By Leo Babauta
It’s the end of the 2010s, and it’s been quite a decade for Zen Habits.
I’ve grown the blog, discarded ads, simplified to a minimalist design, wrote & published numerous books and courses, formed two programs (Sea Change and Fearless Training), and grew my mission. Read more about my decade in review here.
I thought I’d spend a little time reflecting on this decade and what I’d like to take away from it all. Reflect on the biggest lessons I’ve learned.
I’m going to share them below, in condensed form. This isn’t everything I’ve learned, but some of the most important lessons.
- Things never go the way you think, but that’s a wonderful thing. This decade has unfolded in ways I would never, ever have predicted. I wouldn’t have guessed we’d be in San Diego right now, that we’d live in Davis, CA for four years, that my business would be where it is. I wouldn’t have guessed I would lose my father and father-in-law within two years of each other, or one of my best friends. I wouldn’t have guessed half of what has happened. What it shows is that life isn’t under my control, to a very large extent. And that’s OK. Things have turned out well even if it’s not what I expected. My practice is to surrender much of the control I think I need to have in any situation, and learn to trust and bring curiosity to what might happen.
- There are always ways to deepen. A decade ago, I’d been meditating for years, and for some reason, I though I understood what mindfulness practice was. To some extent, I did. But it turns out, there was a lot more to learn. I’ve dived deep into it in the last 10 years. And as I continue to learn, I’ve been finding that you can deepen in any area: in relationships, in purpose, in health, in your relationship with yourself. A good question to ask is, “How can I deepen here?”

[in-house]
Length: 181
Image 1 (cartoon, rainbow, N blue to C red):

- Two of the most important shifts are developing self-trust and self-compassion. As I’ve been coaching people, I’ve learned that the two biggest problems for most people are self-trust (keeping promises to yourself) and self-compassion (not judging or beating yourself up, not being critical of yourself). Most people have at least one of these as the root of their biggest struggle.
- Working with people in person is incredibly powerful. As a writer, I really love helping people from behind the safety of my computer — not having to interact with people is comfortable for an introvert. But over the past decade, I’ve discovered the joy and power of working with people directly, in person. I’ve participated in retreats, held retreats and workshops of my own, and started coaching people 1-on-1 … I am in love with working directly with people. It will be a big part of my work in the coming years (related: I’ll be announcing a retreat soon).
- Focus is one of our most important resources. This one sounds obvious, but I’ve been more and more aware of the limited resources we’re all working with — limited energy, time, money. The thing that ties these all together is the limited resource of our focus. We only have so much we can actually focus on, and we try to focus on all of it. If we learn to use our focus more intentionally, it changes our entire life. We make good use of our time and energy. We get more meaningful work done. Check out my Mindful Focus Course if you’d like to work on this.